?How do friction devices work

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The basic principle for most friction devices can be demonstrated by a rope wrapped around a capstan. The whole purpose of a friction device is to make the rope push into the surface of the device, thus generating friction. The more friction, the easier it is for the belayer to hold the rope and arrest a fall. The way to do that is to supply friction around something: a capstan, a carabiner, a pole, a belay device.

The same principle applies along a rope dragged over rock.

A reminder about friction and a simple calculation

A short reminder: friction is a force, and it can be calculated as: [math]F_f=\mu F_N[/math]. Where: [math]\mu[/math] is called the friction coefficient and is a trait of the two materials touching and being dragged against each other, and [math]F_N[/math], the Normal force, is the force that's perpendicular to the surface of contact between the two bodies.

In order to understand the rest, there no real need to follow all the mathematical-physical stuff. If you feel you're mathematically challenged, you can just take the final formula and skip directly to the examples section.


Let us consider the friction for a length element of a rope over a capstan.

When a short piece of rope is passing on a capstan, the friction for that length element can be easily calculated by using the basic definition of friction force. We assume that the piece of rope is so short, that it's approximately straight. The illustration describes the forces on that piece of rope:

The normal force [math]F_N[/math], can be calculated be summing the two components of the rope tension to the [math]T[/math] directed towards the center of the capstan. We call this component [math]T_y[/math], and it is equal to:

[math]T_y=\mu T\sin\frac{\alpha}{2}[/math]

Therefore, the friction force is:

[math]F_f=\mu F_N=2 \mu T_y\,\![/math]

or, substituting [math]F_N[/math]:

[math]F_f=2\mu T \sin\frac{\alpha}{2}[/math]


The friction force works against the sliding of the rope on the capstan, and in fact, the tensions on both sides of the capstan are not the same. The following illustration is more realistic:

The Tension on the rope tied to the load is the load itself. We call that [math]T_2[/math] and we can write: therefore:


The tension on the other side of the capstan is smaller, and is called here simply [math]T_1[/math].

The friction force, [math]F_f[/math], is proportional to the normal force, [math]F_N[/math], which we've already found.

A little more complicated calculation.


When we have a longer section of rope around a capstan, the tension changes with every length element rubbing against the capstan. The change in tension [math]dT[/math], actually happens with every change in angle, which we call [math]d\alpha[/math]. We can call the normal force for every rope element [math]dN[/math]. The total friction is a summation (or integration) of the changes in tension over all the rope elements touching the capstan.

In a constant, steady state, the sum of forces vanishes, that is also specifically true for the forces in the [math]x[/math] direction.

[math]\Sigma F_x=0\,\![/math]


since [math]d\theta[/math] is very small, and its cosine is very close to one, the expression can be reduced to:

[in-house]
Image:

Similarly, the forces in the [math]y[/math] direction cancel each other and from the constraint [math]\Sigma F_y=0\,\![/math], we get:



Since a sine of a small number equals that number itself:

[math]dN=2T\frac{d\theta}{2}+\frac{dT d\theta}{2}=0[/math]

We can ignore the product of two very small expressions and thus:


If we substitute [math]dN[/math], we have an expression that is independent of the normal forces, and is a differential equation that describes [math]T[/math]:

[math]\frac{dT}{T}=\mu d\theta\,\![/math]

In order to find the difference in rope tension on both sides of the capstan we need to integrate the differences on the total angle in which the rope comes in contact with the capstan:

[math]\int_{T_1}^{T_2}\frac{dT}{T} = \int_0^\alpha \mu d\theta[/math]

After the integration we get:

[math]\ln\frac{T_1}{T_2} = \mu\alpha[/math]

The force we need to pull the rope, [math]T_1[/math] is:


And the friction force is the difference between the tensions on the opposite sides of the capstan:


As a matter of fact, with a capstan with a larger diameter than a critical diameter, the friction is independent of the length of rope wrapped (and so independent of the diameter of the capstan) and is only dependent on the total angle of contact.

Half way through summary


We calculated that the friction of a rope on a capstan is determined by three factors:

  • Rope tension.
  • The friction coefficient.
  • The total angle of contact between the rope and capstan.

The friction is directly proportional to the tension, and exponentially rises with the contact angle and the friction coefficient. If we assume that the friction coefficient is constant, for example, NyLon rope with a typical Aluminum alloy (like A7075, frequently used for climbing gear), we can compare between different devices.

It is important to remember, that the coefficient of friction depends strongly on rope characteristics and condition. For a new rope, the friction coefficient is low, and even more so for wet and muddy ropes. For old, worn and "wooly" ropes, the friction coefficient can be significantly higher.

And one more remark about the total contact angle, or the fraction of a wrap, that the rope does around the capstan. This is, in fact, true for capstans larger than a certain critical diameter. That is, however, a pretty good approximation for "soft" ropes only, for capstans that have larger diameter than the rope (i.e. [[Figure of eight, biners, and other friction devices).